Memory that can be both read and written to and that can randomly access any one location during normal operation. RAM is the type of memory the system uses to store the instructions of programs currently being run.
Electronic memory circuits in a computer that may be both read from and written to, and which lose the data they contain whenever electricity is turned off to the computer. Sometimes referred to as volatile memory.
Another name for the computer's main working memory, where program instructions and data are stored to be easily accessed by the central processing unit through the processor's high-speed data bus. When a computer is turned off, all data in RAM is lost.
a memory that allows access to any element in the same period of time. [SILC99
(RAM) A storage arrangement from which information can be retrieved with a speed independent of its location in the storage. A core memory is a RAM, a magnetic tape memory is not. RAMs have read and write capabilities.
The system's high-speed work area that provides access to memory storage locations by using a system of vertical and horizontal coordinates. The computer can write information into or read information from the random access memory. Random-access memory is often called RAM.
That part of a microprocessor or computer into which information can be written and from which information can be read. The term also designates read/write memory.
Temporary storage built into a computer system which functions as a "workspace" for data and program instructions.
the most common computer memory which can be used by programs to perform necessary tasks while the computer is on; an integrated circuit memory chip allows information to be stored or accessed in any order and all storage locations are equally accessible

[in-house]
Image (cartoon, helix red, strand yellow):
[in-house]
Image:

Computer memory in which information can be written (stored) and read. Whatever is stored in RAM is lost whenever the battery is disconnected.
(RAM) - The computer's primary working memory in which program instructions and data are stored so that they are accessible directly to the central processing unit (CPU). RAM is used by the computer to perform computations at high speeds by obtaining information from the memory directly and quickly.
A storage device structured so that the time required to retrieve data is not significantly affected by the physical location of the data.
A data-storage device from which data can be read out and new data can be written in. Unless otherwise indicated, the term RAM is typically taken to refer to a semiconductor device in the form of an integrated circuit.
Typically used for primary storage (main memory) in computers to hold actively-used and actively-changing information.
The location where your computer stores data and programs temporarily. RAM is measured in kilobytes and megabytes. In general, the more RAM a computer has, the more powerful the programs it can run. Also called memory.
The part of a computer's memory available for programs and documents, also known as main memory. The contents of RAM are lost when the computer is turned off or power is interrupted.
Memory whose contents can be changed. The RAM in a Macintosh computer contains exception vectors, buffers used by hardware devices, the system and application heaps, the stack, and other information used by applications.
Memory in which the access time is the same for any location.